At this point, you might begin to wonder why so many historical origins and examples of now standard advertising are focused around America. The fact is, US has long been and still remains the global authority in advertising and marketing. It’s one of the main reasons our economy had such a substantial growth rate, especially during the earlier parts of the 20th century. With that being said, you probably won’t be surprised that the next major trend in advertising would arise from a technological advancement that started in the ol’ US of A .

According to NYU, The first electronic television was demonstrated in San Francisco on September 7th, 1927. It would take only 14 years for the very first paid advertisement to run on American television. During a baseball game between the Brooklyn Dodgers and the Philadelphia Phillies on July 1st, 1941, BULOVA ran the very first paid advertisement. The slogan was simple, the ad announced, “America runs on BULOVA time.”

According to American Heritage Magazine, the ad cost Bulova all of $9.00.  According to Bullova, the advertisement was seen by millions of people — that seems like a fantastic return on investment. This would only be the beginning though. Over the next few decades, the television advertising industry would grow at an astonishing rate. At the same time, marketers also created better methods for tracking campaign success. The Neilsen Rating System was implemented in America as a means of measuring audience size of specific television programs. They could only provide a statistical estimate, but this data was a goldmine for American advertisers who could now calculate an ad campaigns ROI based on number of expected viewers. It wasn’t long until marketers were able to establish what type of target market was watching each show. Advertisers could now create messaging that targeted children during cartoons and cigarettes during the evening news.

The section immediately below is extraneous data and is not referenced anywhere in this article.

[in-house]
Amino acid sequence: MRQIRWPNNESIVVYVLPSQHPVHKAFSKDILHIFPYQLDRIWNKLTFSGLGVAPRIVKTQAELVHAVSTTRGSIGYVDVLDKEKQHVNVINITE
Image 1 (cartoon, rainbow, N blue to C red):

Slogans that are still used today got their start during this goldenage of television. DeBeers came out with “A diamond is forever” in 1948. The “Marlboro Man” premiered in 1955. The ads were largely unregulated, made speculative claims at best and, most importantly to companies, produced tremendous return on investment.

Print media, billboard advertisements and television ads still make up the bulk of traditional advertising today. But companies and ad agencies began focusing on a new technological advancement, one that made communication instant and eliminated printing cost all together. In 1991 Tim Berners-Lee pioneered the world wide web and sparked a technological revolution that advertisers were drooling to capitalize on. Advertisers were also getting quicker at adapting to new technology. It took a few hundred years for print advertisements to become common after the invention of the printing press. It took just 14 years for ads to start running on the television. That’s a significant decrease in companies time to adapt. The trend continued and It would take only 3 years for the first ad to be deployed on the internet.  The first banner ad, according to Harvard Business Review, was deployed in October 1994. The results were more successful than anyone could imagine. With a click-through-rate of 44% and users voluntarily sharing the ad while noting how much “they loved the experience” — the world of online ads had begun.